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Penny Launches Transitional Organic Fruit And Veg Range

Published on Apr 9 2018 4:45 PM in Fresh Produce tagged: Organic / Germany / Rewe / Penny

Penny Launches Transitional Organic Fruit And Veg Range

German discount retailer Penny has launched a new fruit and veg range to incentivise producers transitioning between conventional and organic farming practices.

The new ‘Junior-Helden’ range is part of the retailer’s ‘Naturgut’ private-label range and will initially include apples, lemons and tomatoes.

Junior Helden apples was the first product launched today for the price of €2.99 per kilo in Penny stores across federal states, excluding Thuringia, Saxony and Saxony-Anhalt.

The initiative is targeted at producers who are transitioning their farming practices to organic standards, according to Penny.

Organic Transition

In Germany, farmers have to adapt organic practices for a period of a few years before they are allowed to use the official organic label on their products.

The Junior-Helden products will come at a slightly higher price than regular fresh produce, but cheaper than organic, in order to help farmers offset the financial burden of this transition phase.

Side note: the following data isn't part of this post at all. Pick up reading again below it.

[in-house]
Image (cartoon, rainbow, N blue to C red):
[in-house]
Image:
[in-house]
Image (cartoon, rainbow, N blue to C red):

“Simply put, the effort to adapt organic farming practices gets larger, while the product becomes smaller,” said Patricia Brunn, Penney head of fresh fruit, vegetables, flowers and plants. “We frequently hear from farmers that they would like to transition from conventional to organic farming but that the financial risk is too high.”

Financial Incentive

“With the Naturgut Junior-Helden we’ve created a concrete financial incentive by paying farmers more for their produce during the transition period,” Brunn continues. “For apples, the price is 26% higher. However, only a small part of this premium will be felt by the consumer, so that won't stop Naturgut Junior-Helden from becoming a popular alternative.”

“Basically, the products have an organic quality standard but are closer to conventional products in price,” she added. “We hope that organic farms continue to grow, especially in Germany.”

Ulrich Beckmann, of the Altländer fruit farm outside Hamburg, decided to join the Junior-Helden program due to the financial support it offers:

“Organic farming often implies manual labour and you can’t use as many pesticides,” he said. “This keeps many farmers from transitioning to organic. Especially because you can’t label products with the organic label for a number of years, even if you already conform to 100% organic standards.”

“That’s where Junior-Helden does the right thing. It increases the price, which helps us financially but also shows appreciation for the work that goes into the product,” he said.

© 2018 European Supermarket Magazine – your source for the latest retail news. Article by Kevin Duggan. Click subscribe to sign up to ESM: The European Supermarket Magazine

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